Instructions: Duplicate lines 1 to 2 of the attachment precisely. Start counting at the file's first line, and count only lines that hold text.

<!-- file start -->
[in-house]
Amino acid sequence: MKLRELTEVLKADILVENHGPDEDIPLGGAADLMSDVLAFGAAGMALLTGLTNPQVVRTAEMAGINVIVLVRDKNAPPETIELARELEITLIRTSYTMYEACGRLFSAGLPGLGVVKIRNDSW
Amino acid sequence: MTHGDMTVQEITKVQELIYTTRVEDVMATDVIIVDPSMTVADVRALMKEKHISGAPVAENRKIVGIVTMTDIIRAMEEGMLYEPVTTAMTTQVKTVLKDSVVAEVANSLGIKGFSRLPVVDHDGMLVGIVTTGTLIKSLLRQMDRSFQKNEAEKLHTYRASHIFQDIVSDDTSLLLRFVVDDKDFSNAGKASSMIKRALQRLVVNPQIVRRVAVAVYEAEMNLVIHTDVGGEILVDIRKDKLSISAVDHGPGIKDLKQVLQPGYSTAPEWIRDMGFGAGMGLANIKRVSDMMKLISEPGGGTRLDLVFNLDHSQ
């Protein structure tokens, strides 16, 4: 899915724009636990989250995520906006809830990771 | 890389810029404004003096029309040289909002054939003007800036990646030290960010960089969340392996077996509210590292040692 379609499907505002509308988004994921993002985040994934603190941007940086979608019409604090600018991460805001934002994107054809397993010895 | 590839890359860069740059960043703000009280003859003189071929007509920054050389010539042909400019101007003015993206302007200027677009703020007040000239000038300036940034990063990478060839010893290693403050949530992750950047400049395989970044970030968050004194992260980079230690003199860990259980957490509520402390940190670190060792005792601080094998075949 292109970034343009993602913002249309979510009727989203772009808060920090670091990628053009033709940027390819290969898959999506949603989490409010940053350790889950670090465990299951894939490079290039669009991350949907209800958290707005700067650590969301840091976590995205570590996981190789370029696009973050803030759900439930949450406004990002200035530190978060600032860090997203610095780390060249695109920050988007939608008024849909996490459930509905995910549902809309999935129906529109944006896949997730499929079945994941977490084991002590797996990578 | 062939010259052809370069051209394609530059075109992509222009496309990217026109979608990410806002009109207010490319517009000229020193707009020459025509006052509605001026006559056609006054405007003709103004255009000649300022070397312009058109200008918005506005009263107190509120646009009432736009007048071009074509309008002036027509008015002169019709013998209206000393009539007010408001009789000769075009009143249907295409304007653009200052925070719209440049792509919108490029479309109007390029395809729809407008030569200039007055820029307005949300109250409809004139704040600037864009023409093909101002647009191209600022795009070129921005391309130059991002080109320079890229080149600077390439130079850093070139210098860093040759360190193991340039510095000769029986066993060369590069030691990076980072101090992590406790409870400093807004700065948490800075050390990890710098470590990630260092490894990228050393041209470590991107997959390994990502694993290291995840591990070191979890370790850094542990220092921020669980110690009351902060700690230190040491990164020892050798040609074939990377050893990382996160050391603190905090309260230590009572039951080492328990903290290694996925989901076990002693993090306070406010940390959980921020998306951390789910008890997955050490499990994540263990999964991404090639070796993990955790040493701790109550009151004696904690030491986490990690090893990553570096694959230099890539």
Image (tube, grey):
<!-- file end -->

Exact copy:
[in-house]
Amino acid sequence: MKLRELTEVLKADILVENHGPDEDIPLGGAADLMSDVLAFGAAGMALLTGLTNPQVVRTAEMAGINVIVLVRDKNAPPETIELARELEITLIRTSYTMYEACGRLFSAGLPGLGVVKIRNDSW